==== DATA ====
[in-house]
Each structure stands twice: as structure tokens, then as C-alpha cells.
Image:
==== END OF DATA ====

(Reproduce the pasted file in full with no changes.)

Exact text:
[in-house]
Each structure stands twice: as structure tokens, then as C-alpha cells.
Image: